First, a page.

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My husband and I looked at each other several times with wide eyes as we watched the explosive new docuseries, Shiny Happy People, ostensibly about the Duggar family, but really about so much more. It was all just so disturbing … and even a little bit familiar.

The Duggars, of course, were the stars of the TLC reality show 19 Kids and Counting, a highly curated glimpse of a conservative, fundamentalist family. Their demure daughters wore modest dresses and were “courted” for marriage via principles inculcated by Bill Gothard and his Institutes in Basic Life Principles (IBLP). We never saw a single episode of 19 Kids, yet we were riveted and appalled by the sugar-sweet Jim Bob and Michelle Duggar and their approach to childrearing (homeschooling and spanking are pillars), marriage (hierarchical and patriarchal, with Jim Bob being the undisputed head of the household), and the role of women. On the latter, the Duggars espoused their never-married leader Gothard’s views that women were to be submissive to men and find their sole fulfillment in child rearing and the home arts. 

One shocking moment came when filmmakers reveal that Gothard taught that women were responsible for sexual harrassment, molestation, or rape if they didn’t cry out to God in the moment they were being violated. 

Though this is a radical and extreme teaching, it’s just another spoke in the wheel of a system that ultimately protects abusers and erases or even blames the victims. Gothard himself, now 88 and still posting to Facebook about his “ministry,” has been accused by multiple young women and underage girls of sexual abuse. Gothard, though disgraced, seemingly “got away” with his crimes, but thankfully Josh Duggar, the oldest child of the Duggar family, is serving a 12-year prison sentence for having child pornography on his computer. But he was never convicted of molesting several girls, including two of his sisters, Jill and Jessa. In one of the most harrowing moments, Jill confessed that she and her sister were pressured to go on camera with Fox News anchor Megyn Kelly and defend their brother, acting as if their molestation, covered up by Jim Bob, was no big deal.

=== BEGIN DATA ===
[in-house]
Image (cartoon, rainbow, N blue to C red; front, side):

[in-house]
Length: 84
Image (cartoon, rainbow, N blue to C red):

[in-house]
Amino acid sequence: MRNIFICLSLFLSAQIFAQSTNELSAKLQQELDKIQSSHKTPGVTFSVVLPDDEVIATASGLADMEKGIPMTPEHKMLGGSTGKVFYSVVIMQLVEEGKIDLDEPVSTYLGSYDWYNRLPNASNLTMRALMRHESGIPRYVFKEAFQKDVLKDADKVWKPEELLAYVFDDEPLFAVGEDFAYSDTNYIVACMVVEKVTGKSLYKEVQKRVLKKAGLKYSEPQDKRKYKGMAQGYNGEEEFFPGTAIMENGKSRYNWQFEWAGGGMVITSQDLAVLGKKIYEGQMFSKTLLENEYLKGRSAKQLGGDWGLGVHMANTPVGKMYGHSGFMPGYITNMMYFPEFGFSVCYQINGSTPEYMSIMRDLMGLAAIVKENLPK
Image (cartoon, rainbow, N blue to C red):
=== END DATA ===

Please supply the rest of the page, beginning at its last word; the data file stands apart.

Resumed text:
As hard as it is to watch, it is inspiring to witness a clearly traumatized Jill Duggar Dillard’s raw courage in telling hard truths about her famous family. None of the other children are interviewed, though several of the daughters, including Jill, are estranged from their parents and most of their siblings, a sad but necessary step in their healing journeys. 

What was most arresting about this film was how it made us reflect on how we and those we knew had been shaped and influenced by Gothard or Gothard-adjacent teachings, filtered down to a more palatable level in our wider evangelical upbringing and college years. I drew a direct line between these teachings and the time the entire female student population at our Bible college were told to get rid of our “stretch pants,” a key part of our casual wardrobes, because a male student had complained that girls were wearing them “too tight” or “too loose,” causing him to lust unnecessarily. We were urged to protect our “weaker brothers” by sacrificing comfortable clothing so they would not be tempted. Clearly, the message was that we as females were responsible for whether or not the guys at school lusted or did not lust. Three decades later, that message persists. 

Of the numerous interviews with IBLP survivors, Duggar relatives, and experts of various kinds, Kristin Kobes Dumez—historian, author, and Calvin University professor—stands out for her insights into how Gothard and the Duggars reflect fundamentalism, parts of broader evangelical culture, and even politics. This is why every Christian should tune in to this bracing, disturbing, and possibly clarifying film, if only to reckon with or think about how the cultic and aberrant teachings of one seemingly fringe organization sifted through to influence countless people to this day. (Amazon Prime)


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